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Bracketing with Flash for Exposure Fusion and HDR – Revisited

Published: 21/03/2018
By: larry

Jeff says:

I will start off by saying that I shoot in HDR (hoping to get into HDR/flash hybrid shooting eventually) the majority of the time. My question is, why do I still get glare from the windows around the edges? Even if its a cloudy day, I still get that kind of glowing blue-white around some or all of a window.

It doesn't happen all the time (about 50 percent of the time), but it is really frustrating when I have this happen. The picture posted kind of shows what I am talking about but I took a lot of the blue out of it. Sometimes it isn't as lens flarey as this and it's more of an outline around the window I'm not a huge fan of going into Photoshop to fix things (HDR workflow is already slow enough). Is this something I can fix this by the way I am shooting instead of in post?

This is a classic problem if you shoot interiors by bracketing only and don't use any flash. The artifacts around the windows will vary depending on the outside light. A quick and easy solution is to use a small manual flash. The process is explained in this post. This hybrid flash technique not only fixes the problem you are having around the windows but it gives you whiter whites and more accurate colors.

6 comments on “Bracketing with Flash for Exposure Fusion and HDR – Revisited”

  1. For larger spaces or when your composition gives a view into an adjacent room, do you then need to use more than one speedlight to fill the farther spaces with flash?

  2. @Andy - Personally, I always take an ambient shot in case my flash shadows are out of control and I can't see that fact in the camera live view. You can do that to the same effect for distant background spaces or separate rooms that are visible in the photo. Shooting from the far corner of the living room with a view to the open kitchen? Take an ambient shot exposed for the room, and/or another exposed for the space you want to be lit. Take those into Ps layered with your fused flash bracket shot, and edit the ambient frame you exposed for the kitchen to match the WB of the bracketed frame. Brush in at low flow. You can do this with a flash and many do, but for me it's a lot of trial and error before I can end up with a frame that doesn't grossly overexpose that background room and make it look too flashy. Let an ambient frame light that room instead and save flash batteries and extra time on-site.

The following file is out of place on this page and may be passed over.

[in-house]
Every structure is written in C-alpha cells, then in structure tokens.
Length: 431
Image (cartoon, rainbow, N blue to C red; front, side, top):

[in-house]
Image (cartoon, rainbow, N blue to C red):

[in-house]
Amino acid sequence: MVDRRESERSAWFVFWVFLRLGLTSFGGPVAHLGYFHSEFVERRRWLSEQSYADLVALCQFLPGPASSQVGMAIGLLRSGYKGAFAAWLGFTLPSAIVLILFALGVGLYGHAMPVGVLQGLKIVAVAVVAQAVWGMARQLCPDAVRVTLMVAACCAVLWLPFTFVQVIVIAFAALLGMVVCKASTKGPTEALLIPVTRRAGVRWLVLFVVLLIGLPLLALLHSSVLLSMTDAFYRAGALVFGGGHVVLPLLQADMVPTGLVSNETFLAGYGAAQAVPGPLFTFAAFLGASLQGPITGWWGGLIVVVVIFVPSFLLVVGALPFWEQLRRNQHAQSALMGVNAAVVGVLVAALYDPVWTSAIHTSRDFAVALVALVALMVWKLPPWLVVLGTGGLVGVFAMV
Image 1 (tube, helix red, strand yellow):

3. Hi,
    Fairly new to real estate photraphy in the uk. I’ve had some good success and I am supplying a number of agencies.
    My work is high volume with limited time in each property and I have developed a way of working which delivers decent results with the time I have.
    I’m using a canon 80d with 10-18 canon lense with the in camera hdr feature for time saving and then post processing to a natural look.
    I’d like to take it up another level and think adding flash fill will do the trick. What’s would be the best recommendations?
    Also I get some slight lense flare issues particularly in high contract scenes such as round windows when the curtains are dark with bright windowl and can’t take an alternative angle. Would a better lense solve this issue?

  4. I think without blending in a flash image, the HDR look has run its course. I cannot tell you how many agents I do reshoots for that don't know the technique by name, but describe what an HDR image looks like and are unhappy with the product. Your HDR image looks really solid. Blending in flash layers should be an easy step for you. You don't have to be super crazy with it either. Some people do and the realness of the image is lost. If you bounced a flash behind you and did an over all fill flash, you could use that layer for details in the wood and to get rid of that HDR haze look. You could also white balance an image for the ceiling and then blend that in to get more of a white color in the ceiling and cancel out the yellow light that big light is casting into the room.

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